HICBC Hiccup: Don’t Panic

If you or your life partner receive Child Benefit and either of you has taxable income in excess of £50,000, whichever of you has the higher income is obliged to declare the Child Benefit on your tax return and pay some or all of it back to HMRC by way of a High Income Child Benefit Charge (HICBC).  It was a controversial change for all sorts of reasons, but most people who knew that they would be required to repay Child Benefit in full simply stopped claiming it when the rules changed.  The first tax year affected is 2012/13.

HMRC have recently been courting controversy (again) by writing to people who they think might be liable to pay the HICBC but who haven’t declared it on their tax returns.  The problem is that the letter is both poorly targeted and badly drafted.  For example, we’ve seen reports of it being sent to people whose income is too low to trigger the HICBC at all – which is unforgivable; and to people whose partner has (correctly) paid the HICBC – which is understandable since HMRC don’t necessarily know who your life partner is and if they did they wouldn’t be allowed to tell you if he or she had paid the HICBC.    The letter is stamped (in red) “You need to act now!” (despite the fact that in many cases you don’t need to act at all); and bears no contact details, so you can’t even send it back with a polite (or any other) note or call them.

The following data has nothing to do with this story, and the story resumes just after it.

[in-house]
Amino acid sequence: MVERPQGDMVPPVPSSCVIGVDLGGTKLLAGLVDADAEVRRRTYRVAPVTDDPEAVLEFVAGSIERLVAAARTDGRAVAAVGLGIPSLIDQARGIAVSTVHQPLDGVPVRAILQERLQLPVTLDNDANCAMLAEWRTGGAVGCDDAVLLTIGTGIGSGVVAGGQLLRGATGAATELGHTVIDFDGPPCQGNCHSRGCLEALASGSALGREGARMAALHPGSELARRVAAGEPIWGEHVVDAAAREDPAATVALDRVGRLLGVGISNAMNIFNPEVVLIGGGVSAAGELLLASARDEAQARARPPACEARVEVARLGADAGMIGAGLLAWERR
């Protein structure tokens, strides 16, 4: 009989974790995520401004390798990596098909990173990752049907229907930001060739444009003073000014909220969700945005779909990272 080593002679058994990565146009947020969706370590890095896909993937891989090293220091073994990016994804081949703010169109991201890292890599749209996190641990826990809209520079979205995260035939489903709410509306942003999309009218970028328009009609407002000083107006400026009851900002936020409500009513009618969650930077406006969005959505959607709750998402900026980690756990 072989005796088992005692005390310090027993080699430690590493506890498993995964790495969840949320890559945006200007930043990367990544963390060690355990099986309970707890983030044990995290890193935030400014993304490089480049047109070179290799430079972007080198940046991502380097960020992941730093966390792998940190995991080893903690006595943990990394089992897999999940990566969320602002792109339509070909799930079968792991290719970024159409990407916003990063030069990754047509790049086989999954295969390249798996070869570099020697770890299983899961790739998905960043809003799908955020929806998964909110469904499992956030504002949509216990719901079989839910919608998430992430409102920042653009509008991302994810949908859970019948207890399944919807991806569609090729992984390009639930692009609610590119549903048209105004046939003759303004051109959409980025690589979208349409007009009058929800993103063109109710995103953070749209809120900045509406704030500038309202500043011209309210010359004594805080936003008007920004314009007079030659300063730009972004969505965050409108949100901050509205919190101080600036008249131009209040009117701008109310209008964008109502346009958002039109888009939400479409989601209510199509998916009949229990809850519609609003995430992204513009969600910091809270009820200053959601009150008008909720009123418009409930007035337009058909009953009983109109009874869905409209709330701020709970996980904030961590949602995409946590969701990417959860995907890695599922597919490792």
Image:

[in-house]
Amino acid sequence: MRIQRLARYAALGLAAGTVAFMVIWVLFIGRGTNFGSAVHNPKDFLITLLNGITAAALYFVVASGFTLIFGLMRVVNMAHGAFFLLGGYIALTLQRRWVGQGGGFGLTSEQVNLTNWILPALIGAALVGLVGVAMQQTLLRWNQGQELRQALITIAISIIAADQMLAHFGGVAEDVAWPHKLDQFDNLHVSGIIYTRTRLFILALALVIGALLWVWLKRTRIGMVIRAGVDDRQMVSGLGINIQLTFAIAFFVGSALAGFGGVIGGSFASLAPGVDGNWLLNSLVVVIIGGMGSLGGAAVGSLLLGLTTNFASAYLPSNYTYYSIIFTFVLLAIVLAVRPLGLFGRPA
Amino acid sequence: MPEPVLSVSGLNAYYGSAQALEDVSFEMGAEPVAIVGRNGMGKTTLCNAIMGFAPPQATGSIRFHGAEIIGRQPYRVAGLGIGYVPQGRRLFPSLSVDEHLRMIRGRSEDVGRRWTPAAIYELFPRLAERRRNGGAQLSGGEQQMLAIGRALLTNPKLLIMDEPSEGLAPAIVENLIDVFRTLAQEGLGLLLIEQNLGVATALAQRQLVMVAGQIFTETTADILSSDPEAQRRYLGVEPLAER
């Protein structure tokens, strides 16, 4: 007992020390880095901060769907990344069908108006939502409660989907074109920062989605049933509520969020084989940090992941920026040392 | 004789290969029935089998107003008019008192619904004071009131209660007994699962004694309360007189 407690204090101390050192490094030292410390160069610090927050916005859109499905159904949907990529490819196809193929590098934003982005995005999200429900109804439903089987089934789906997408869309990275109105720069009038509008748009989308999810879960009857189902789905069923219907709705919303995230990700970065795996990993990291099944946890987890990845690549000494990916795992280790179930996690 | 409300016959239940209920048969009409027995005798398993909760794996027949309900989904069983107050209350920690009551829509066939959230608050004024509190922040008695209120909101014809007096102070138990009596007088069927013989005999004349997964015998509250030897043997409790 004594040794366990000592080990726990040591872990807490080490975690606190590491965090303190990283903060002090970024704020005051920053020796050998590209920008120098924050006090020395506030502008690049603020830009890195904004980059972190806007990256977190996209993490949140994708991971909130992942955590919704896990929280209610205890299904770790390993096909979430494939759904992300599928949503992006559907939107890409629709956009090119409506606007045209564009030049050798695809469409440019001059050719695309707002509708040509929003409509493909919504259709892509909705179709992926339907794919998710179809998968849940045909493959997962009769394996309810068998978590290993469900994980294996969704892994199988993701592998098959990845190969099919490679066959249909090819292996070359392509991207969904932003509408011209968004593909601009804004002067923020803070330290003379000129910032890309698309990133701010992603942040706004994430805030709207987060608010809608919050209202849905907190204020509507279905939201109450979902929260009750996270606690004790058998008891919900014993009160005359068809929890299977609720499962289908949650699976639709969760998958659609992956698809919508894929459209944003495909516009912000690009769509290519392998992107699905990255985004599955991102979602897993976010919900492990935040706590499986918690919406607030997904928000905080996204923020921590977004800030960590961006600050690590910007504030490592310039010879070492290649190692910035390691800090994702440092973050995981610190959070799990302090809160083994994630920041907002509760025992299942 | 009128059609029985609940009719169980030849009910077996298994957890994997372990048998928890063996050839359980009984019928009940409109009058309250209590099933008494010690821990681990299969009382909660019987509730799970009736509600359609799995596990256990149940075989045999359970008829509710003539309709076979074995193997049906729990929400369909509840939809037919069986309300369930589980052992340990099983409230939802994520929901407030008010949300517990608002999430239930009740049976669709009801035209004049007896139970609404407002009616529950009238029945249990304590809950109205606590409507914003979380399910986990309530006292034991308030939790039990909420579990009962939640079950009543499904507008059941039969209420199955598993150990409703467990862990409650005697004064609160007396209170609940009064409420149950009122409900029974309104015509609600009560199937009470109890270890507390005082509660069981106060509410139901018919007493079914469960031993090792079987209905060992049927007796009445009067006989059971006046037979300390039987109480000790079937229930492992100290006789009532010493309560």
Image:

In a few cases the letter has indeed reminded people who ought to have declared and paid the HICBC that they have forgotten to do so.  In most cases it’s a needless act of high-handed bullying.  If you get one and you are in the slightest bit concerned, please send it to your normal tax compliance contact here at BKL and we’ll sort it out.



Sam Inkersole

In 2022, Sam won the Taxation’s Rising Star award at the Taxation Awards in and was named in the Accountancy Age 35 Under 35.

Jon Wedge

While Jon’s client work focuses on the financial services sector, he also oversees the firm’s assurance service, as well as supporting the trainees following in his footsteps.


Elana joined us in 2017 as an ACA trainee, after graduating from Durham University where she had studied languages. She is now a manager in our assurance team.


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